El Chapo trial shows why a wall won’t stop drugs from crossing the US-Mexico border by Luis Gómez Romero, University of Wollongong, 1/17/2019.
Mexican drug lord Joaquin Guzmán after his capture by Mexican marines in January 2016.
The trial of Mexican drug kingpin Joaquín "El Chapo” Guzmán Loera has exposed just how powerful Mexico’s cartels really are. The trial has now run for two months. On Jan. 15, a Colombian drug trafficker who worked for Guzman’s Sinaloa Cartel from 2007 to 2013 testified that Guzmán paid former Mexican president Enrique Peña Nieto a US$100 million bribe while he was in power, a charge Peña Nieto’ office denies.
With its witness accounts of extreme violence, political corruption, international intrigue and entrepreneurial innovation, Guzman’s trial is a telenovela-style explainer on why a wall is unlikely to stop the lucrative U.S.-Mexico drug trade.
The drug business
Illegal drugs are a highly lucrative business. In 2016, the year El Chapo was captured in Mexico, the wholesale price for a gram of cocaine was approximately $2.30 in Colombia and $12.50 in Mexico. The same gram had a wholesale cost of $28 by the time it got to the United States. In Australia, that same gram of cocaine fetched $176.50 wholesale. Drug prices rise significantly during transit as intermediaries demand compensation for the risk they assume in getting the product to consumers.
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White right? How demographics is changing US politics by Monica Duffy Toft, Fletcher School of Law and Diplomacy, Tufts University, 1/7/2019
Lagging whites, growing minorities
According to the U.S. Census Bureau’s data, all racial and ethnic minorities are growing faster than whites. Interestingly, one of the fastest growing groups in this country is “mixed race” (full disclosure: my children are such, being both Mexican- and Irish-American).
Still, at 198 million, non-Hispanic whites remained the largest group of Americans in 2014; followed by Hispanics at 55.4 million, and blacks or African-Americans at 42 million. Those who identified with two or more races stood at just under 8 million. The Census Bureau projects the crossover point at which the non-Hispanic white population will no longer be a majority will occur in 2044. In fact, no one group will comprise a majority. We will become a plural nation of different ethnic and racial groups.
Demography and democracy
That powerful shift in the makeup of the U.S. population has created ideal conditions for a political backlash against people of color, including Hispanics, blacks, Asians and especially immigrants of color. One prominent example: President Trump’s lament that the U.S. was being overwhelmed by immigrants from “s-hole countries,” rather than from places like Norway.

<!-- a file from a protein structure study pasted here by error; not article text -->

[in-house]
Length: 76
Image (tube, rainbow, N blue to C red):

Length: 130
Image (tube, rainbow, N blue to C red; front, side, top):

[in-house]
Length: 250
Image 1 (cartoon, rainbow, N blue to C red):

ASSEMBLYMEMBER Rodneyse Bichotte Supports Haitian TPS Ahead of Trial, 1/8/2019
Assembly member Rodneyse Bichotte alongside Assembly member Michaelle Solages
Yesterday, January 7, 2019, several public figures, community leaders and sponsors joined 32BJ SEIU and the National Lawyers Guild for a press conference ahead of a trial challenging the Trump Administration’s rescission of Temporary Protected Status for Haitians and other migrant populations. The trial is set to investigate the motives of the government in rescinding the program, citing the Trump administration's anti-immigration rhetoric as a probable reason. Among those present at the demonstration were Assembly members Rodneyse Bichotte, and Michaelle Solages, and Councilman Jumaane D. Williams and Congresswoman Nydia Velazquez who all advocated in defense of TPS.
“As a child of Haitian immigrants, I am deeply offended by the actions of the Trump Administration. Haitians have contributed so much to our country. They have provided culture and added to the tax base. It is unfair to separate and displace our families,” says Assembly member Rodneyse Bichotte.
"Haitians still have the spirit of the revolution that freed them from slavery. So today, we stand firm in one accord against rescinding of TPS."
NYS Assembly member Rodneyse Bichotte
The trial, Saget et al v. Trump, is underway at the Eastern District and will last seven days. The plaintiffs in the case are several individuals, and a couple of organizations that will be impacted by the phase out of TPS. Without TPS, about 50,000 Haitian immigrants will have to rapidly arrange for their departure or seek alternative legal immigration status.
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